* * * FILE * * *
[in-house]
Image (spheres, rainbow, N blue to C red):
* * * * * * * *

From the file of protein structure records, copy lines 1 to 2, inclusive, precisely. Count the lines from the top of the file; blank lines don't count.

[in-house]
Image (spheres, rainbow, N blue to C red):